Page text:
From caution to a new wave of demand – 3 tips to manage your social media presence during and after
As communications professionals, we have spent the last couple of years convincing B2B and B2C clients that social media is an important communications tool for the success and growth of their businesses. Of course, this tool has always been deployed in combination with events, public relations, and face-to-face marketing. For various reasons, many clients, especially in more traditional industries, have been hesitant to adopt social media, arguing that social networking platforms expose brands to the risk of being publicly attacked or losing control and offer a questionable return on investment (ROI).
Then the coronavirus came along and turned the world upside down, challenging life as we knew it. It has created a situation where social media have suddenly become the main channel for receiving information updates. Governments and businesses across the world turned to social media to provide citizens and audiences with timely updates and accurate information. In the last few weeks, our conversations with clients have shifted from whether they need social media to how they can use these channels to communicate with all their stakeholders – be they investors, customers, clients, or regulators.
Social media has never been more in demand, as we all play a role in supporting our communities and clients during this period of uncertainty. As an agency, we quickly went from defending social media and the place of digital communications in the mix of communication tools to getting on top of new algorithms, sharing frequent updates, and brainstorming innovative graphics and groundbreaking content.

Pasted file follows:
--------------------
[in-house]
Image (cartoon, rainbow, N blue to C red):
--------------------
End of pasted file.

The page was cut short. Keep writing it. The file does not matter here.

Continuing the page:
We are now creating catchy animations that make messaging stand out in overcrowded feeds, promoting original livestreams, drafting and distributing disruptive opinion pieces, and generating clever infographics explaining how companies are handling the crisis – and the best thing is that everything is backed by hardcore analytics that measure impact and influence.
So, where do we go from here?
1. Strategy. Is your original strategy for social media channels still relevant or have your objectives, target audience, and service offerings changed? Do we need to include other social media channels? Do you require more frequent posting? How do we further grow our follower base and attract online sales?
2. Content and design. Quality content still remains key. How do we make sure our posts stand out? Do we need to add any new campaigns? Are our content calendars still relevant? What topics relevant to your business do people care about?
3. Budget. Everyone is spending more time online, either in front of their computers or on their phones, so companies should also be spending a substantial amount of their marketing budget investing in social media. But in a time of crisis, we understand that businesses have to be cautious with spending. How do we maximize efforts to deliver the ultimate impact?